• If a device can be bricked simply by hooking it up to a network, but buyer is too lazy or ignorant to check before buying, then buyer deserves what he gets. If buyer does his/her homework (and finds device is vulnerable), but buys the product anyway, then buyer deserves what he gets.

            If a hacker causes massive damage, and is too lazy or ignorant to check that he or she might be jailed for causing that damage, then the hacker deserves what he gets. If the hacker does his/her homework (and finds there's the risk of jail time) and causes the damage anyway, then the hacker deserves what he gets.

        • by anegg ( 1390659 )

          One way we could look at this is as a cost function on the devices. For a market-based system to work, things have to have costs that ideally reflect their total cost. Cheap IOT devices that are a huge threat to the system don't have an adequate cost assigned to them unless something like this steps in. Perhaps this just evens it up a bit. Carbon tax for IOT?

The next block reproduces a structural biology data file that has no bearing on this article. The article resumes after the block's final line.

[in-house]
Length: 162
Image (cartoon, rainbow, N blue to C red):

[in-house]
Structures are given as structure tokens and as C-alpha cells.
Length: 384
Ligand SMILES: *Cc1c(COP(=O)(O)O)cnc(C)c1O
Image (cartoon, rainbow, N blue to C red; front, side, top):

• by nasch ( 598556 )

            If the cost were put on the manufacturer, yes. This is just shifting negative externalities around and hoping that helps, without knowing if it will or not.

        • by mikael ( 484 )

          I think it's ridiculous that wifi routers have only one password that can be bandied around. Even worse that the default passwords are listed on websites. I think every device that connects should have its own personal password. Does that give me the right to whack out wi-fi routers on these lists?

          Has anyone seen the configuration menus for the firewall tables on these devices? Microsoft puts everything into one giant spreadsheet table; applications vs. user groups and accounts and types of service. Other c

          • by nasch ( 598556 )

            I think every device that connects should have its own personal password.

            The problem with that is if you forget the password and have lost your documentation, your device is now inaccessible to you. After that happens once, the vast majority of customers will permanently avoid that brand and go with someone who has a default username and password. Your suggestion would be market suicide.